“That’s what really pushed me forward, seeing my grandmother pass and knowing that I had started a soap company with her in mind,” said Gregory. “I put all my heart and soul into making soap. My grandmother told me – and you have to understand my grandmother’s like one of these fighting Irish types – she said ‘Jim, make the best damn bar of soap on the planet.’ I really stuck to that. I’m hardheaded and stubborn, and I haven’t given up on that vision.”

On the front of each package of Grandma Gee’s soap is this inscription: “Warning: Package contains the best $%&! soap on the planet.”

The shoot and a deep breath

Preparing for the arrival of the TV crew, Gregory set up the kitchen like a cooking show – ingredients pre-measured and batches of soap at different stages of production to provide the “just out of the oven” flourish.

“When they get here, what’s the plan?” Hart asked. “Are you going to tell them what these things are? What are you going to do?”

“They’re probably going to ask about the different kinds of soap, so I’ll show them all these bars,” Gregory replied, gesturing to a pyramid of soaps on the counter – Mango Madness, Parisian Pear, Half Acre beer soap. “They’ll ask how the soap is made, and I’ll show them – here’s the beer solution, here’s the coconut oil and the safflower oil, heat the oils up and pour in the lye solution.”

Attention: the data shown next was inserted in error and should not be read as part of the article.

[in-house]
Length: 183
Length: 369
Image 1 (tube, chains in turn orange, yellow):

The TV crew arrived, announced by the barking of Hart’s friendly Australian shepherd. As the lighting and camera angles were tested, producer Rubye Wilson talked with Gregory about the set up and the sequencing of the shoot. “As soon as he gets (the camera) up and running, we’ll start with step one and you can walk us through the process,” said Wilson.

After a few takes and some close-ups of beer bottles and bars of soap, the crew packed up their gear and headed out the door, each with a business card and bar of Grandma Gee’s soap in hand.

“I’m glad this is over,” said Gregory, “so I can take a deep breath now.” Knowing Gregory, it will be one – and only one – deep breath, and then he will dive right back into the deep end of the entrepreneurial pool.